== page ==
Synergies between Climate Action and Industrial Policy: Towards Fuel Efficiency in Thailand

Although Thailand is a major vehicle producer in Southeast Asia, it is the only country that does not yet have fuel efficiency standards for light-duty vehicles. While other vehicle efficiency measures have been introduced in the past, such as a car CO2 label, a CO2-based excise tax and industry subsidies for the production of efficient vehicles, these are not enough to enable the country to meet its ambitious climate targets.

Thailand aims to achieve net-zero greenhouse gas (GHG) emissions by 2065 at the latest. To get there, Thailand has proposed strong interim climate targets for 2030. In the transport sector, the country aims to reduce emissions by 45 Mt CO2 compared to the baseline. Even though this baseline was established before COVID, it is a difficult and challenging task to achieve these targets. Corporate Average Fuel Economy (CAFE) standards could help the domestic industry to meet its international commitment, but also help the domestic industry to remain competitive and transition to e-mobility.

A little-known fact is that Thailand is the world’s tenth largest producer of light-duty vehicles (LDVs). The Southeast Asian kingdom has been attracting investment in the automotive industry since the 1990s. Thailand is known as a champion in the production of pick-up trucks, but smaller vehicles are also produced. About 60 per cent of the vehicles produced are sold domestically and the rest are exported, mainly to Australia (pick-ups), other Southeast Asian countries (e.g. the Philippines) and Japan.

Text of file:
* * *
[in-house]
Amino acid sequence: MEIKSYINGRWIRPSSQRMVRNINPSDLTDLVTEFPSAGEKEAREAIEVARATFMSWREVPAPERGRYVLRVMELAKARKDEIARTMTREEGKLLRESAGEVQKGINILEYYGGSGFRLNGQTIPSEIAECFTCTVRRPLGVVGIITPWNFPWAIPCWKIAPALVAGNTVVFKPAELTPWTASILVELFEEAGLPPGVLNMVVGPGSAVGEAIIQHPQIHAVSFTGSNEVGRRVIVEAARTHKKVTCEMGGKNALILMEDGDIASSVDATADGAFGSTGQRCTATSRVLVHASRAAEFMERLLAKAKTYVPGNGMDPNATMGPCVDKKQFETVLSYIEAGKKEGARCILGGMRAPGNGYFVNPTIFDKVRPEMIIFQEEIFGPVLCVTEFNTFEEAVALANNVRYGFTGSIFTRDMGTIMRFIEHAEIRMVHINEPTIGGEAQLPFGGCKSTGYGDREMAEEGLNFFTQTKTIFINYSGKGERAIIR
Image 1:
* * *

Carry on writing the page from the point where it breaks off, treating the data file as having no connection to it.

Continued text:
Figure 1: Nine out of ten top car manufacturing countries have established fuel economy or GHG emission standards (Source: International Organization of Motor Vehicle Manufacturers, OICA)

The automotive industry in Thailand is currently dominated by Japanese carmakers, who take advantage of Thailand’s favourable conditions, such as lower wages than in Japan or Australia, good education and the size of the domestic market. However, these manufacturers and the associated value chain have so far relied 100% on ICE vehicles. Similar to Germany, there is a big economic risk for Thailand to lose market share and jobs as more and more electric vehicles are sold. So how can the government help the industry transform?

Three strategies for transforming the automotive industry

Currently, the relevant agencies are exploring three ways to help the industry transform: First, they want to attract Chinese carmakers to produce electric vehicles. The country is subsidising the introduction of electric vehicles and aims to achieve a 30% share of car production and a 50% share of domestic sales of electric vehicles by 2030. This would diversify the automotive industry, but it is a challenge to keep the value chain in the country. Around 80% of the value chain for ICE vehicles is currently located in the country.

In 2023, about 80,000 electric cars have been sold in Thailand. They are present in the roads of Bangkok (Picture by Daniel Bongardt)

Second, the government is incentivising the purchase of more fuel-efficient cars. A CO2-based excise tax is designed to make vehicles with lower CO2 emissions more attractive. However, the threshold for tax reductions is not very low and is still based on the old New European Driving Cycle (NEDC). The expected reduction is therefore very limited.